New rules for financial advisersShake up to financial advice rules proposed
26 November 2008
A shake up for financial advisers and financial advice is on the way according to proposals published yesterday by the financial services watchdog - the Financial Services Authority (FSA).
Independent or Sales Advice
One of the key proposals is to distinguish between independent financial advice and sales advice so that consumers are clear about what type of service they are receiving.
Independent financial advice is where a financial adviser can recommend products from any provider across the whole market in order to choose the one that best suits your needs.
Sales advice will be where firms recommend the products of just one provider, or a limited range of providers (currently called 'tied' advice).
Raising professional standards
The proposals also cover what qualifications financial advisers have and will set a new minimum qualification for different types of advice. A new Professional Standards Board will also be established.
Paying for financial advice
Independent financial advisers will be required to agree the cost of financial advice with their customers up-front, which should remove the possibility of commission-bias and ensure that the cost of all advice is clear to consumers whenever it is given. We believe the same principles should be applied to sales advice.
Which? personal finance campaigner Dominic Lindley said: 'We need to put the ‘independent’ back into IFA. There has to be a clear distinction between those offering unbiased advice and those simply trying to sell products. It must be made crystal clear to consumers what type of service they are receiving and how they are paying for it.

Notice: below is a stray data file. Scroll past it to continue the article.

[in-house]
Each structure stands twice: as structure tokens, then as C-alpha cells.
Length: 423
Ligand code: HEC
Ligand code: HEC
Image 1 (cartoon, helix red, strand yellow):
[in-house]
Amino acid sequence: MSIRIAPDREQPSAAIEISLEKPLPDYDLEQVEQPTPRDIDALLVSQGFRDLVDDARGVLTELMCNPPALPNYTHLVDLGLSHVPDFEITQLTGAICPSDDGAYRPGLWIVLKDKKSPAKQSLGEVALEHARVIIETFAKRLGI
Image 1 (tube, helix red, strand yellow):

Consumers expect their advisers to be properly qualified so the proposals for higher professional standards are a step in the right direction.
Any new ‘sales advice’ process must offer value for money products and sufficient consumer protection. Given that only 32 per cent of bank advisers met our benchmarks for giving good advice there must be no weakening of the regulatory requirements in this sector.'
Which? advice on financial advice
In general the new proposals look like good news, but all the proposed changes aren't expected to be fully implemented until 2012.
In the meantime advice from Which? is to choose an independent financial adviser and make sure you have the conversation about how much the advice is going to cost upfront. Also look for a specialist, depending on what type of financial advice you need.
Find out more about choosing a financial adviser here.
For daily consumer news, subscribe to the here. If you have an older web browser you may need to copy and paste this link into your newsreader: http://www.which.co.uk/feeds/reviews/news.xml. Find out more about RSS in the Which? guide to news feeds.